The front of our column hit strong resistance and we were ordered to get off the road. My platoon Sergeant. Sergeant Webb told me to take two men and check out these two houses that were along the road, to see if there were snipers in the houses. The European’s build their houses with a barn in one end and living quarters on the other. We went through the barn and there were cattle in the barn. We went into the kitchen and the stove was still warm, but there was no one around. The house was clean and neat. We went up stairs. There were big beds up stairs. They were neat and the floors were shiny. I was a farm boy and the house reminded me of home. The guy with me said he was going to lay down on the bed and I told him that if he did I would shot him. He looked at me really funny when I said that I guess I had a serious look on my face, but we did leave the house as we found it.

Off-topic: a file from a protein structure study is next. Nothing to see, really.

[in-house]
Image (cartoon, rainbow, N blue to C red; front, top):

We went back to the road and we could hear real heavy fighting ahead of us. We went on down the road with our squad jeep and we got about a half mile down the road from the house. We went around a slight curve to the right and there was a open field to our left. And a wooded area on our right. This Lieutenant that I had had trouble with in Tennessee was now the executive officer of my outfit. He came and got me and told me to set up my machine gun along this fence row about two hundred yards from where we were located. There was a open field in front and a wooded area behind that. There are Germans back there. I was there for just a few minutes and I saw that there was about a platoon of Germans grouping together along the edge of the woods.